Early Ship Broadcasters

This article was originally material for a broadcast of “Wavescan” via Adventist World Radio in May 2001, and now forms part of the Radio Heritage Collection ©. All rights reserved to Ragusa Media Group, PO Box 14339, Wellington, New Zealand. This material is licenced on a non-exclusive basis to South Pacific DX Resource hosted on radiodx.com for a period of five years from May 1 2001. Author: Adrian Peterson


Radio broadcasting from ships goes back a long way, almost to the beginning of wireless experimentation itself. The early experimenters in Europe, including Marconi himself, demonstrated the value of wireless communication by installing primitive experimental apparatus in small boats and transmitting messages across the intervening ocean. This form of wireless communication was also demonstrated in the early years between Catalina Island and the California coast in the United States, and between Rottnest Island and the state capital Perth in Western Australia.

However, as far as broadcasting is concerned, maybe we could designate the first occasion as the coverage of a sporting event, the Kingstown Regatta in Dublin Harbour, Ireland. Marconi installed a wireless transmitter on a tug boat, the “Flying Huntress”, and he transmitted the progress of the boat race in Morse Code for the benefit of the Dublin based “Daily Express” which printed the results in a special edition. This was a two day sporting event held on July 20 and 22 way back in the year 1898.

The first voice broadcast from a ship was conducted by the Kentucky inventor, Nathan Stubblefield, on March 20, 1902. He was giving a public demonstration of his wireless system and he sent voice messages from the ship “Hartholdi” on the Potomac River in Washington, DC. Among those who heard the messages on shore were several congressman and other public officials.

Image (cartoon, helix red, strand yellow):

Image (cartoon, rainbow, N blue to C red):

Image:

The first wireless program with music and speech was broadcast from a royal navy ship, the “Andromeda”, in the year 1907. This broadcast was organized by Lieutenant Quentin Crauford and at the time the “Andromeda” was anchored at Chatham, an inlet off the Thames Estuary on the east coast of England.

In recounting the event, Wireless Operator Crauford stated that he adapted the spark wireless transmitter with the callsign QFP on the “Andromeda” so that it could broadcast music and speech. His historic inaugural broadcast was a patriotic concert program performed by navy personnel.

This surprise broadcast was heard by wireless operators on board other navy vessels anchored nearby. However, as a security measure, Lt Crauford was not permitted to publicize the event, neither before nor afterwards, though the event attained historic significance as the first wireless broadcast in England and the first from a ship.

Some nine years later, a ship broadcast was made from Ireland which they now claim as the world first. The event took place during the now famous Easter Uprising at a time when Ireland was striving for independence.

The cable linking Ireland and England had been deliberately cut and in an endeavor to get the information out, a broadcast was made from a ship wireless transmitter. Republican leaders occupied the Irish School of Wireless Telegraphy, repaired a damaged ship radio, and transmitted the information in Morse Code.

This unusual broadcast was on the air for a period of nearly 20 hours, beginning at 5:30 pm on April 25, 1916. However, it is not certain as to whether the wireless transmitter was still in the ship or whether it was temporarily located ashore in the school property.

And finally in ship broadcasting for today, we move to Russia. During the communist revolution in Russia in 1917, Vladimir Lenin announced the success of the Bolshevik Revolution in a wireless broadcast from a navy cruiser anchored at Leningrad. He had the wireless operator on board the “Aurora”, send out the information in a series of Morse Code broadcasts.

These days, a picture of the “Aurora” is featured on postcards used as QSL cards by Russian amateur radio operators.

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